Burke, M. M., Taylor, J. L., Urbano, R., & Hodapp, R. M. (2012). Predictors of future caregiving by adult siblings of individuals with intellectual and developmental disabilities. American Journal of Intellectual and Developmental Disabilities, 117, 33–47. https://doi.org/10.1352/1944-7558-117.1.33. CrossRef
Connidis, I. A., & Campbell, L. D. (1995). Closeness, confiding, and contact among siblings in middle and late adulthood. Journal of Family Issues, 16, 722–745. CrossRef
Fingerman, K., Miller, L., Birditt, K., & Zarit, S. (2009). Giving to the good and the needy: Parental support of grown children. Journal of Marriage and Family, 71, 1220–1233. https://doi.org/10.1111/j.1741-3737.2009.00665.x. CrossRef
Hamwey, M. K., Rolan, E. P., Jensen, A. C., & Whiteman, S. D. (2018). “Absence makes the heart grow fonder”: A qualitative examination of sibling relationships during emerging adulthood. Journal of Social and Personal Relationships. https://doi.org/10.1177/0265407518789514.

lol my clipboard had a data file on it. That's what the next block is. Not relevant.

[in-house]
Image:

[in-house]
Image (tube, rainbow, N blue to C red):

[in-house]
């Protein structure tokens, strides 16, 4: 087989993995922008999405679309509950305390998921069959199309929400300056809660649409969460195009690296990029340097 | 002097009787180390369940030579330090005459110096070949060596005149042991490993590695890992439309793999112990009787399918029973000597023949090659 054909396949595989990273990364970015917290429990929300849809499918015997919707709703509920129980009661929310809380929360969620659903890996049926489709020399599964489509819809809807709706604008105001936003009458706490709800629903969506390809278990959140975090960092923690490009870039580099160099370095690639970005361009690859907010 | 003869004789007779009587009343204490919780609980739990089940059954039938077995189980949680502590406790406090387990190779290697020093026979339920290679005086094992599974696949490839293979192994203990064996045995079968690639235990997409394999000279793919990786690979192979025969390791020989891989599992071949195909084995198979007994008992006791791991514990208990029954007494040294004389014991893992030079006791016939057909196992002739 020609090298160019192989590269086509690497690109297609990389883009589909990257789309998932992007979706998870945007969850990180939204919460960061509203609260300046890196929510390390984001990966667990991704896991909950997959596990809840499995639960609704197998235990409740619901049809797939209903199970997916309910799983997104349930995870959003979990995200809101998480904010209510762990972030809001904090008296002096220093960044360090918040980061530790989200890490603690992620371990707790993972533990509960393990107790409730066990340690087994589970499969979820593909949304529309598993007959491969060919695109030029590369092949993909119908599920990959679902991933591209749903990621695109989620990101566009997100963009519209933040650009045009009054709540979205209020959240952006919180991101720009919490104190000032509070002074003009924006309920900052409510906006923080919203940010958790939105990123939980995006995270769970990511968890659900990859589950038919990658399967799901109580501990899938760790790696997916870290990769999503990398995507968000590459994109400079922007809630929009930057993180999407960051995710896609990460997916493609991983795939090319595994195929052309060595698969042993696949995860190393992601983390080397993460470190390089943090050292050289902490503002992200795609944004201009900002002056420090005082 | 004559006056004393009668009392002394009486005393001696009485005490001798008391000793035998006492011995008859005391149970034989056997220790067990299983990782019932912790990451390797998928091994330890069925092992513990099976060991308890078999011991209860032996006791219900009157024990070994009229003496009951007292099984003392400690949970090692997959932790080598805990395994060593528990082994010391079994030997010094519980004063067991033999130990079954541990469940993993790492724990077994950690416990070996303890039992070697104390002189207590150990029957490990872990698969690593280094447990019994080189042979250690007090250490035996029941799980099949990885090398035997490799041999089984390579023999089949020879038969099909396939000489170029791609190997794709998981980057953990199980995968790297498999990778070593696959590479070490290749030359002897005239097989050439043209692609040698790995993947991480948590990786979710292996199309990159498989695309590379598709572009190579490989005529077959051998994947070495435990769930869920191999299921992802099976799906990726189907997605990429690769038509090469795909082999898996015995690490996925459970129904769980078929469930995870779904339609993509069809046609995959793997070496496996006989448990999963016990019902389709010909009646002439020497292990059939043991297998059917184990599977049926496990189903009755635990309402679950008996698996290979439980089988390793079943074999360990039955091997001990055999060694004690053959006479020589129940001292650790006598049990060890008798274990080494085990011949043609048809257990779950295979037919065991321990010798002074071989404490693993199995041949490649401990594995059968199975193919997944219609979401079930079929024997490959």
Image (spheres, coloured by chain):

Holtmann, M., Bölte, S., & Poustka, F. (2007). Autism spectrum disorders: Sex differences in autistic behaviour domains and coexisting psychopathology. Developmental Medicine and Child Neurology, 49, 361–366. https://doi.org/10.1111/j.1469-8749.2007.00361.x. CrossRef
Howard, W. J., Rhemtulla, M., & Little, T. D. (2015). Using principal components as auxiliary variables in missing data estimation. Multivariate Behavioral Research, 50, 285–299. https://doi.org/10.1080/00273171.2014.999267. CrossRef
Landry, O., & Chouinard, P. A. (2016). Why we should study the broader autism phenotype in typically developing populations. Journal of Cognition and Development, 17, 584–595. https://doi.org/10.1080/15248372.2016.1200046. CrossRef
Lindell, A. K., & Campione-Barr, N. (2016). Continuity and change in the family system across the transition from adolescence to emerging adulthood. Marriage & Family Review, 53, 388–416. https://doi.org/10.1080/01494929.2016.1184212. CrossRef
McHale, S. M., Sloan, J., & Simeonsson, R. J. (1986). Sibling relationships of children with autistic, mentally retarded, and nonhandicapped brothers and sisters. Journal of Autism and Developmental Disorders, 16, 399–413. CrossRef